Tuesday, January 1, 2013

Using a PC power supply for Raspberry Pis

Now that I had determined that I need to be able to provide approximately 500 mA of current at +5 V of voltage per unit, which adds up to needing the capability to draws about 9 A when all boards are on, I needed to come up with a way to make that happen. A quick experiment with a multi-port USB hub with external power quickly made it beyond obvious that was not going to work. The hub ran out of juice after four Pi's, and I need to be able to power a dozen or more.

Rather than coming up with something complicated, I decided to convert a PC ATX power supply and strip out everything I don't need. PC power supplies are cheap and they provide a range of voltages (+12 V, +5 V, + 3.3 V, to name a few). My power supply is capable of 22 A at +5 V, which is plenty for my purposes.

Fortunately, all wires are color coded, and that was going to be helpful. There are a few things worth mentioning:

1) A PC power supply will not work without some form of a load over the +5 V line
2) In order for the power supply to turn on, the switch wire (green) must be connected to ground

With that knowledge; we can by removing all wire ties and connectors from the cables sticking out of the power supply. Once that is done, we can start opening up the enclosure. Be careful, there are some large capacitors in there that can hold quite a nasty charge. You don't want to be on the receiving end.

Since a normal PC power supply is turned on and off by the master switch on the PC enclosure, we want to bring in our own switch. I like to have a visual confirmation of the fact that the power is on, so I included an indicator LED also.

For both the switch as well as the LED, I needed to drill holes in the enclosure. Make sure that when you do that, metal shavings don't short out any of the components in there, and make sure that the drill doesn't go too far and damage stuff on the circuit board.

On the left-hand side, from top-to-bottom, we see the toggle switch (Radioshack 275-603), the load resistor (Radioshack 271-132), two banana plugs (that I ended up not using) and the LED (Radioshack 276-271).

The first thing to do is remove all wires that we know for a fact will not be used. In my case, I removed all but the black, red, and green wires. Using wire cutters, clip the wire as close to the circuit board as possible and pull out the clipped ends. You'll still have quite a few red and black wires left; don't trim any of those until you are doing putting in place what you need; it is much harder to unclip than it is to clip ;)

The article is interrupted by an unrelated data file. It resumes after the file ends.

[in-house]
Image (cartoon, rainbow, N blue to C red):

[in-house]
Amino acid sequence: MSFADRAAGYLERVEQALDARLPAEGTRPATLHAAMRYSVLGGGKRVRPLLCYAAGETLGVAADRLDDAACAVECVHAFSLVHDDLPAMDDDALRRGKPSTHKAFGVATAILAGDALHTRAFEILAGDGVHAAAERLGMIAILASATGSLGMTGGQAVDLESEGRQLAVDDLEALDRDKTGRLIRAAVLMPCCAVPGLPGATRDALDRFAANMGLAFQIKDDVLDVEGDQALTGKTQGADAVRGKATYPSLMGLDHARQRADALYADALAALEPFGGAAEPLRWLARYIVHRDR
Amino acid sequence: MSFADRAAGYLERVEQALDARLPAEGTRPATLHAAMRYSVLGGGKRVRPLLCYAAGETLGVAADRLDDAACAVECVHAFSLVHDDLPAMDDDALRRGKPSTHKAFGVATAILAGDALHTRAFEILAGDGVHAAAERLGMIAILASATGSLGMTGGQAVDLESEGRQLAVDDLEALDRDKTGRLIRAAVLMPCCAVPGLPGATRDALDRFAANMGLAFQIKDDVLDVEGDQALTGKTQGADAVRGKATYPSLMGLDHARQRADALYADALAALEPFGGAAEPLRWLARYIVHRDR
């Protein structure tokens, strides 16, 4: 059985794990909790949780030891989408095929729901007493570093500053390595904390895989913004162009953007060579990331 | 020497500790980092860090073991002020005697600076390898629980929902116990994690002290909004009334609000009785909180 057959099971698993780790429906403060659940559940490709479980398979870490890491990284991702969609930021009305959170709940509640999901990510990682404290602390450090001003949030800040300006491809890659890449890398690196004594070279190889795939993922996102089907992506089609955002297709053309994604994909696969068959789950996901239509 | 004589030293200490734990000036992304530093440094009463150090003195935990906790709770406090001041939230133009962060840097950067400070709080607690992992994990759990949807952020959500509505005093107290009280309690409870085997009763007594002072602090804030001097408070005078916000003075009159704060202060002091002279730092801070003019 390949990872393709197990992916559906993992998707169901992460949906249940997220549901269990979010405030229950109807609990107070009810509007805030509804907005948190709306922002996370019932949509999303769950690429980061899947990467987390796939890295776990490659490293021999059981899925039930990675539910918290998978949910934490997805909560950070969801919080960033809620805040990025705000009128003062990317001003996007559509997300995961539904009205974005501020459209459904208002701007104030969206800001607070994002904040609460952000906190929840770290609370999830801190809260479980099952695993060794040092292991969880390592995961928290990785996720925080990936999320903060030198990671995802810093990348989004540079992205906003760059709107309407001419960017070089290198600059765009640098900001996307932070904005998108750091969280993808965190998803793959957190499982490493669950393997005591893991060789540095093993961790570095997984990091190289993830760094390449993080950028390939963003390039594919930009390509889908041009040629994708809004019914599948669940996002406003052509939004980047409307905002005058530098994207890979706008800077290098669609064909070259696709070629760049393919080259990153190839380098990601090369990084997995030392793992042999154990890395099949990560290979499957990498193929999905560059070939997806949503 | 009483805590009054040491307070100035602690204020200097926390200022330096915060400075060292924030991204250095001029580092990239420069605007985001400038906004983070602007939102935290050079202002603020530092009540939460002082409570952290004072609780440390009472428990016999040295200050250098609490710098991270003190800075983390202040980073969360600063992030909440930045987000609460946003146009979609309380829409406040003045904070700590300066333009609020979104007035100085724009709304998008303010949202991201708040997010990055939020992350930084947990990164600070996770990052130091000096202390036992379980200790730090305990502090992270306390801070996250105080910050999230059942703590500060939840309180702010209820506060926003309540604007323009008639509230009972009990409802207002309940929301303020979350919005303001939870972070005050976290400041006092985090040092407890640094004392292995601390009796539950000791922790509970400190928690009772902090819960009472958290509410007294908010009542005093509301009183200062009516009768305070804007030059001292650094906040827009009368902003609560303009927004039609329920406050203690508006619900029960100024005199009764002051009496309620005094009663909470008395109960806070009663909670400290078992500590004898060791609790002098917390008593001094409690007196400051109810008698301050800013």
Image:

Step 1) Cut back one black (ground) wire and one red (+5V) wire and strip about 1/2 inch of the insulation. Don't go back all the way to the circuit board; but go short enough that it fits in the enclosure comfortably. Slide pieces of heat shrink tubing over the trimmed wires.

Step 2) Solder the 10 ohm resistor to the wires, move the heat shrink tubing over the exposed leads and apply some heat to shrink them into place. If you can avoid having live leads exposed, why not do so? I found that the best place to mount the resistor is next to the cooling fan, and zip-tied to the grating. Your mileage may vary.

Step 3) Figure out how to position your switch and, using a multi-meter, measure what leads you'll need to use. Remember; a switch in the down position is usually off, a switch in the up position is usually on. Cut the green wire (power switch) and a black wire back far enough that you can reach the switch leads comfortably. Keep in mind that there usually is only one green cable; you don't get a second chance if you cut it too short, so err on the side of caution! Slide the heat shrink wrap over the wire, solder to the switch, position the heat shrink tube and apply heat to shrink.

Step 4) Identify a red cable and a black cable and cut it to size to fit your LED. Slide on heat shrink tubes. Note: unlike light bulbs, LEDs are polarized. Make sure you solder the wires to the right leads, or it won't work. The LED that I used had a resistor included with it, so I didn't have to worry about that. If you are using separate LEDs, you'll have to put a resistor in series. Don't forget to position the heat shrink tube and apply heat.

At this point, you should be pretty much done. Cut back all but two red wires and all but two black wires. Make the cuts as close to the circuit board, taking care not to damage anything in the process.

Next, you can take the two red leads and twist+solder them together, and do the same for the black. Before closing up; it probably wouldn't hurt to grab your multi-meter and just test some leads. Apply your line voltage. If your fuses didn't pop, you probably didn't short out anything. Go ahead, and see if you get +5 V over the wires. If you do, you're done. If not, it is time to troubleshoot.

My final product looks like shown above. You can see the 10 ohm resistor sitting next to the bit heat sink, held in place by two tie wraps. The front of the enclosure has the toggle switch and the LED indicator. My +5 V wires hang out the back, and measure as +5.06 V.

Next: Raspberry Pi board power design

1 comment:

  1. Hi,
    I am using also ATX PowerSupply to power up my Raspberry PI. But when im measure the actual voltage on Raspberry PI (TP1 & TP2) it measures only 4.7V (no other usb devices attached except the ethernet cable)
    I read some information on some websites that 4.7 was not good enough to operate normally on raspberry. As much you can maintain the 5V it will be good for the raspberry pi.